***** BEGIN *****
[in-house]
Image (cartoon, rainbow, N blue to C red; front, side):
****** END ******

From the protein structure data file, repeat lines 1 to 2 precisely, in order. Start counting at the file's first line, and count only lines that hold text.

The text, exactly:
[in-house]
Image (cartoon, rainbow, N blue to C red; front, side):